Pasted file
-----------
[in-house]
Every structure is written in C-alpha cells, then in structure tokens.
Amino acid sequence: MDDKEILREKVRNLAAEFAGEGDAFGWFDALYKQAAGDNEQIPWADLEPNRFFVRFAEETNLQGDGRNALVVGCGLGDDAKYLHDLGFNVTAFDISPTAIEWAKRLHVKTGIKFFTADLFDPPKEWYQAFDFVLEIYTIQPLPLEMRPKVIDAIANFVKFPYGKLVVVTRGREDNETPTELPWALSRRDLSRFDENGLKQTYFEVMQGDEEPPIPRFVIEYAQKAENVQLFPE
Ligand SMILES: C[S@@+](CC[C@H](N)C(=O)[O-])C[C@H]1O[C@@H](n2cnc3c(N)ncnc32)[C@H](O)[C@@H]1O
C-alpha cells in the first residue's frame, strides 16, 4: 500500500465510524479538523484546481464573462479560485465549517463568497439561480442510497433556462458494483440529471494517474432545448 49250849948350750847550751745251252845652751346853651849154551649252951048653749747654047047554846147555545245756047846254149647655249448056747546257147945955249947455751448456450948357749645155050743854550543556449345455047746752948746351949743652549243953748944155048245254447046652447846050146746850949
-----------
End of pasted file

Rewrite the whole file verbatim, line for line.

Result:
[in-house]
Every structure is written in C-alpha cells, then in structure tokens.
Amino acid sequence: MDDKEILREKVRNLAAEFAGEGDAFGWFDALYKQAAGDNEQIPWADLEPNRFFVRFAEETNLQGDGRNALVVGCGLGDDAKYLHDLGFNVTAFDISPTAIEWAKRLHVKTGIKFFTADLFDPPKEWYQAFDFVLEIYTIQPLPLEMRPKVIDAIANFVKFPYGKLVVVTRGREDNETPTELPWALSRRDLSRFDENGLKQTYFEVMQGDEEPPIPRFVIEYAQKAENVQLFPE
Ligand SMILES: C[S@@+](CC[C@H](N)C(=O)[O-])C[C@H]1O[C@@H](n2cnc3c(N)ncnc32)[C@H](O)[C@@H]1O
C-alpha cells in the first residue's frame, strides 16, 4: 500500500465510524479538523484546481464573462479560485465549517463568497439561480442510497433556462458494483440529471494517474432545448 49250849948350750847550751745251252845652751346853651849154551649252951048653749747654047047554846147555545245756047846254149647655249448056747546257147945955249947455751448456450948357749645155050743854550543556449345455047746752948746351949743652549243953748944155048245254447046652447846050146746850949